Every week the Storage Developer Conference (SDC) podcast presents important technical topics to the Storage Developer community. Each episode is hand selected by the SNIA Technical Council from the presentations at our annual Storage Developer Conference. The link to the slides is available in the show notes at www.snia.org/podcasts.
#176: Persistent Memories Without Optane, Where Would We Be?
Emerging memory technologies have gotten a couple of big boosts over the past few years, one in the form of Intel’s Optane products, and the other from the migration of CMOS logic to nodes that NOR flash, and now SRAM, cannot practically support. Although these appear to be two very different spheres, a lot of the work that has been undertaken to support Intel’s Optane products (also known as 3D XPoint) will lead to improved use of persistent memories on processors of all kinds: “xPUs”. In this presentation we will review emerging memory technologies and their roles in replacing other on-chip memories, the developments through SNIA and other organizations fostered by Optane, but usable in other aspects of computing, the emergence of new Near/Far Memory paradigms that have spawned interface protocols like CXL and OMI, and the emergence of “Chiplets,” and their potential role in the evolution of persistent processor caches.
Learning Objectives: 1) New memories and their impact on computing architecture; 2) Near & Far Memory and how it interacts with new persistent memory technologies; 3) How the adoption of chiplets impacts these changes.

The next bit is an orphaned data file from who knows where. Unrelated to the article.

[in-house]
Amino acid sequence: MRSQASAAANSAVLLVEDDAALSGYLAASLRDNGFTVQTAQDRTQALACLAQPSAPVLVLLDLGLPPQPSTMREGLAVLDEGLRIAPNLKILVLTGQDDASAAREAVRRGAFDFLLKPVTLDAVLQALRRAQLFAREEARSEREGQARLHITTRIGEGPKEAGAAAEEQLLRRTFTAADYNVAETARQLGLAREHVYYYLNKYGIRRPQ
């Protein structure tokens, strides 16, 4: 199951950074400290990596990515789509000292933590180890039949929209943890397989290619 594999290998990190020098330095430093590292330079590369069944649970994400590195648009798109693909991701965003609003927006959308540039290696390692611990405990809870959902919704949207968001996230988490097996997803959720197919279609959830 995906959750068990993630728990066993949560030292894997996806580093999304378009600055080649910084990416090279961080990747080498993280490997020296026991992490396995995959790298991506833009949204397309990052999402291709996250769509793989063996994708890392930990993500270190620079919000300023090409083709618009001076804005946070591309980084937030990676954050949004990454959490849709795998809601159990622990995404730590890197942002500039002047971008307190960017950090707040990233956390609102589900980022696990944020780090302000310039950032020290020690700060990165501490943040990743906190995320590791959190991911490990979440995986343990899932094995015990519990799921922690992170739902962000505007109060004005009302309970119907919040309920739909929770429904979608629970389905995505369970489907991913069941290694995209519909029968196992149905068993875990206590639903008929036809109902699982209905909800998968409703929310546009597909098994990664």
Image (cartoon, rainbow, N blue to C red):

#175: SNIA SDXI Roundtable
Smart Data Accelerator Interface (SDXI) is a proposed standard for a memory to memory data movement and acceleration interface. Software memcpy is the current data movement standard for software implementation due to stable CPU ISA. However, this takes away from application performance and incurs software overhead to provide context isolation. Offload DMA engines and their interface are vendor-specific and not standardized for user-level software. SNIA’s SDXI TWG is tasked with developing and standardizing an extensible, forward-compatible memory to memory data mover and acceleration interface that is independent of actual data mover implementations and underlying I/O interconnect technology. In this panel discussion, experts and representatives of SDXI TWG member companies will talk about their motivations in joining this industry-standard effort.
Learning Objectives: 1) Learn from the experts desigining a standard for memory to memory data movement and acceleration; 2) Learn about the use cases of interest to SDXI TWG member companies; 3) Learn about the ecosystem being developed by SDXI member companies for data movers and accelerators.
#174: Computational Storage Update from the Working Group
In this presentation the Co-Chairs of the Computational Storage Technical Working Group (CS TWG) will provide a status update from the work having been done over the last year, including the release of the new Public Review materials around Architecture and APIs. We will update the status of the definition work and address the growing market and adoption of the technology with contributions from the 47+ member organizations participating in the efforts. We will show use cases, customer case studies, and efforts to continue to drove output from the Technical efforts.
Learning Objectives: 1) Learn the Latest of the work done by CS TWG; 2) Computational Storage Architectures API Deployment; 3) Customer Case Studies; 4) Market Update and Overview.
#173: Facts, Figures and Insights from 250,000 Hard Drives